Promise Seen in Czech Republic's Václav Klaus
March 18, 2003
The election of Václav Klaus to the presidency of the Czech Republic augurs well for his country, Europe and the United States. Political observers note that he is a friend of freedom, with a life-long devotion to democracy and free-market economics.
Klaus, as a former prime minister of his country, led the longest-lived post-Soviet reform government and presided over the peaceful separation of Czechoslovakia.
A student of the writings of Milton Friedman and F.A. Hayek, he ushered in a period of strong economic growth after dismantling his country's massive government structure and initiating reforms that even had the backing of Social Democrats.
- In 1989, only 3 percent of Czech gross domestic product was in the private sector, but under Klaus, the country quickly outstripped its neighbors.
- Czech GDP doubled and per capita income is among the highest in Central Europe.
- Under his leadership, his country paid off its International Monetary Fund loan two years ahead of schedule and earned an "A" rating from Standard & Poor's.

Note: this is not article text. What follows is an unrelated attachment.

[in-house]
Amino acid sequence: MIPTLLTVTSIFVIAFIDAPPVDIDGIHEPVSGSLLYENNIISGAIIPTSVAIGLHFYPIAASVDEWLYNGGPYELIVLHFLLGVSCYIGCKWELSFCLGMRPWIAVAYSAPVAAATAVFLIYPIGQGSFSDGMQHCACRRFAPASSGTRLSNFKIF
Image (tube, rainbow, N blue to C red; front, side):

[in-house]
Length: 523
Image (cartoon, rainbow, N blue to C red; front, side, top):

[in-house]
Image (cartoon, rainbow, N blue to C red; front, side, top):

- The country now has one of the highest per capita income figures in Central Europe, and attracts $5 billion annually in foreign investment.
- Among former Soviet satellites, the country is the only one where communists have not returned to power.
Klaus identifies accession to the European Union as his foremost priority and he recognizes the potential for a Europe-wide free trade area. Significantly, he is a backer of U.S. efforts to disarm Saddam Hussein.
Source: Pete du Pont (policy chairman, National Center for Policy Analysis), "Klaus Victory Vista," Washington Times, March 18, 2003.
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